I should add that the protocol respecting mentoring explicitly leaves the choice of whether or not to accept mentoring up to the lawyer complained about:

    This mentoring referral is not part of the Law Society’s discipline process and does not involve any allegations of professional misconduct on your part. Although you are not obligated to participate in the mentoring session, the Court has identified conduct on your part which suggests you could benefit from a mentoring session…

    Finally, let me provide a couple of further links, courtesy of the Society’s Director of Communications:

    Winter 2008 edition of the Ontario Lawyers’ Gazette, which focused on civility in the legal profession
    – entertaining descriptions of the 10 kinds of litigators to avoid

  7. I suspect it would be seen as too risky to give real life anecdotes as examples. The Winter 2008 edition of the Ontario Lawyers’ Gazette which you mentioned does shed some light on what incivility is:

    From a regulatory perspective,there are three categories of complaints that raise professionalism issues: 1) incivility; 2) counselling or behaving dishonourably; and 3) misleading the court, another lawyer, the Law Society, a client or other member of the public.

    Incivility can include failing to be courteous, failing to be civil or failing to act in good faith. Failing to maintain the integrity of the profession and unprofessional
    communications are other examples.

    Rudeness, swearing and the use of derogatory language raise obvious concerns. But equally pernicious are behaviours which are more difficult to prove, but lead to feelings of aggravation on the part of opposing counsel, clients and the judiciary, as well as increased costs, delays and frustration in the legal system.

  8. Connie Crosby: your last comments really worry me, to wit:
    “But equally pernicious are behaviours which are more difficult to prove, but lead to feelings of aggravation on the part of opposing counsel, clients and the judiciary, as well as increased costs, delays and frustration in the legal system.” This puts so-called “incivility” squarely into the “you said something I do not like hearing” category. Lots of things other counsel or judges say might aggravate me – you don’t agree with me when my argument is so logical, so perfect, my client is right, why that really irritates me, so now I am going to accuse you of incivility. But hopefully this won’t come to pass. It will be a very Kafkaesque environment when Law Society’s start trying to “discipline” behaviours which are “difficult to prove”.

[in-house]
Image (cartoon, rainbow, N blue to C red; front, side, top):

9. David Brown: “This puts so-called ‘incivility’ squarely into the ‘you said something I do not like hearing’ category.”

    Well, I can’t speak for Ms. Crosby, but I don’t know what would be pernicious about someone pointing out that I was wrong on the facts or law. Civility, though, (as I understand it) is not about what one says, but rather about how one says it.

    Defamation law and Human Rights complaints seem to cover the kinds of behaviour that involve wrongful statements that are wrongful in and of themselves for reasons of fundamental justice or human dignity. Even so, there are other ways that someone can harm another without committing a tort or unfairly deploying their social power. If this ends up being caught under the rubric of “civility”, then so be it.

    So, there is a significant and important difference between saying “you seem to have failed to consider the importance of X case,” and “you’re obviously an idiot because you haven’t considered X case.” There is a similar difference between taking advantage of your opponent in the ways that were described as “sharp practice” in the PLTC classes on professional responsibility I recently completed.

    It may also be, as you suggest in your earlier comment, that there is an undercurrent of fundamental dislike for the adversarial system behind many complaints of incivility. During my articles, I’ve been involved in some civil litigation work, and the only clients who I would say actually think the adversarial nature of litigation has something to recommend it over less adversarial means are those clients who want to harm or hurt their adversaries. Those clients who are merely looking for a resolution of some dispute or claim seem to much prefer negotiation. And this accords with my normative experience (from before my inculcation into the legal mindset).

  10. Thank you, Tim B.

    David, I was merely quoting what appeared to be some kind of definition that has been given in response to Simon Fodden’s previous comment, and did not state whether I agreed or disagreed with the quote. I was actually surprised that more overtly aggressive behaviour (such as shouting) was not mentioned. It does all seem a little too vague, doesn’t it?

  11. Connie et al:

    Well I agree with David Brown. There are lawyers who seek not only every remedy available to them under law, but seek to use protocols and timing to try to pummel their opponent. I am speaking of those lawyers who set down applications regardless of the vacation and/or other plans of the other lawyer – who insist on strict adherence with every minimum time deadline, regardless of the other lawyer’s schedule and trial load – who do not return phone calls placed to them etc.

    There is much that can be improved in this regard, in my opinion. Civility is the grease that makes life easier. Lawyer who choose not to use that grease simply make life more difficult for all concerned, in the belief that this is advocacy for their client. I, for one, disagree.

    Carry on the fight, Connie!